It could be then, that Crystal Palace’s pacey attacking frontline that includes players like Andros Townsend, Wilfried Zaha and now Michy Batshuayi, tend to excel when there is more space to exploit.
However, that train of thought doesn’t hold up that well under closer statistical scrutiny. Palace have played away games on 7 of the Premier League’s top 10 biggest pitches, taking 21 points from 30 available.
Yet, in fixtures on the league’s smallest pitches, Palace have also taken 10 points from the slightly higher 24 that were available to date.
Could luck be the defining contributing factor?
Delving a little deeper into the statistics behind Crystal Palace’s home and away results takes us along a very interesting tangent.
The figures in the table above show us that Palaces’ home displays have been outperforming their away ones, from a statistical standpoint at least, giving their overall results a somewhat paradoxical look.
Palace have enjoyed more possession on average, more shots on goal and more shots on target per game at Selhurst Park than away from that venue this season. They have also conceded a whopping 51.9% more shots away from home on average in 2018/19.
Yes….we know…….expected goals are the devil’s work – but indulge us for just a minute.
The table above, showing Crystal Palace’s expected goals (xG) and expected goals (xGA) figures for the season returns some pretty interesting stuff.
The xG models show that Palace have had an enormously poor return on their clear goal scoring chances at Selhurst Park this season, scoring a full 11 goals fewer than they should have.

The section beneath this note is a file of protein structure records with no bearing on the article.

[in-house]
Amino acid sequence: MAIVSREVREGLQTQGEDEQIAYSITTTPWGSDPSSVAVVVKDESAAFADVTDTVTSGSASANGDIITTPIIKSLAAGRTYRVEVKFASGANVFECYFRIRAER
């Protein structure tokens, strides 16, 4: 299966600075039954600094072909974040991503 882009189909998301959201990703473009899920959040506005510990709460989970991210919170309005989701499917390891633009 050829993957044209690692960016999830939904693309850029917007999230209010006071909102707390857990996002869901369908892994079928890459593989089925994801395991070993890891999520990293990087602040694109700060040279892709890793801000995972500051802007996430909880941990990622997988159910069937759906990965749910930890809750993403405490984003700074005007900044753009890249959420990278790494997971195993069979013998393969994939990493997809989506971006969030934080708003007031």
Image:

As a result of their poor finishing and rotten luck, the same models show that Palace have taken approximately 10.92 points fewer than they should have at home this term. A 24-point return from their 15 home matches would certainly look far healthier than the 13 they actually managed.
No other team in the league comes even close to matching Palace’s 19.92 points-shortfall at home this season – in fact, Huddersfield have the next highest difference between points accrued and expected points accrued at home (actual points 8, xPTS 13.64, difference 5.64).
Away from home, Palace have also been outperforming their numbers – the Eagles have scored roughly 8.49 more goals on the road than those controversial xG models insist they should have, and Palace are approximately 3 points up on their statistically determined away total.
What does this all mean dammit?
Viewing football exclusively through a statistical lens is an easy way to make yourself look and sound silly, BUT there are more than enough patterns running through Crystal Palace’s numbers to suggest that a complete reversal of their home and away performances and results could happen any day now.
Palace seem to be doing all the right things at Selhurst Park, but Lady Luck just doesn’t seem interested.
In their last 3 Premier League matches there alone, the Eagles took 1 point from 9 against West Ham, Man Utd and Brighton, while conceding 8 times and scoring just 3 times in the process.
Across that trio of hard-luck stories, Palace registered 57 shots on goal to their antagonists’ 23. I mean come on….
However, now is not the time for the Eagles to ruffle their feathers in frustration and while an upswing in results at Selhurst Park certainly isn’t imminent, it most definitely isn’t improbable. You’re welcome.